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© Research
Publication : The Biochemical journal

Development of antibody fragments for immunotherapy of prion diseases

Scientific Fields
Diseases
Organisms
Applications
Technique

Published in The Biochemical journal - 15 Mar 2009

Campana V, Zentilin L, Mirabile I, Kranjc A, Casanova P, Giacca M, Prusiner SB, Legname G, Zurzolo C

Link to Pubmed [PMID] – 19000036

Biochem. J. 2009 Mar;418(3):507-15

Prions are infectious proteins responsible for a group of fatal neurodegenerative diseases called TSEs (transmissible spongiform encephalopathies) or prion diseases. In mammals, prions reproduce themselves by recruiting the normal cellular protein PrP(C) and inducing its conversion into the disease-causing isoform denominated PrP(Sc). Recently, anti-prion antibodies have been shown to permanently cure prion-infected cells. However, the inability of full-length antibodies and proteins to cross the BBB (blood-brain barrier) hampers their use in the therapy of TSEs in vivo. Alternatively, brain delivery of prion-specific scFv (single-chain variable fragment) by AAV (adeno-associated virus) transfer delays the onset of the disease in infected mice, although protection is not complete. We investigated the anti-prion effects of a recombinant anti-PrP (D18) scFv by direct addition to scrapie-infected cell cultures or by infection with both lentivirus and AAV-transducing vectors. We show that recombinant anti-PrP scFv is able to reduce proteinase K-resistant PrP content in infected cells. In addition, we demonstrate that lentiviruses are more efficient than AAV in gene transfer of the anti-PrP scFv gene and in reducing PrP(Sc) content in infected neuronal cell lines. Finally, we have used a bioinformatic approach to construct a structural model of the D18scFv-PrP(C) complex. Interestingly, according to the docking results, Arg(PrP)(151) (Arg(151) from prion protein) is the key residue for the interactions with D18scFv, anchoring the PrP(C) to the cavity of the antibody. Taken together, these results indicate that combined passive and active immunotherapy targeting PrP might be promising strategies for therapeutic intervention in prion diseases.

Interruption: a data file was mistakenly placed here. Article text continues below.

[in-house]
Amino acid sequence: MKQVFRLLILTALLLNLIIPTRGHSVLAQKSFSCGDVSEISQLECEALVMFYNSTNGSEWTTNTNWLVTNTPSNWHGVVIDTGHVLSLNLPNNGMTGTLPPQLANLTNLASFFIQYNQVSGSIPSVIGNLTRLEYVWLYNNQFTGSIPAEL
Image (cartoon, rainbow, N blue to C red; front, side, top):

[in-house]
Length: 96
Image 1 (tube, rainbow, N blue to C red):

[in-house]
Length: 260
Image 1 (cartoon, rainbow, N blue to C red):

http://www.ncbi.nlm.nih.gov/pubmed/19000036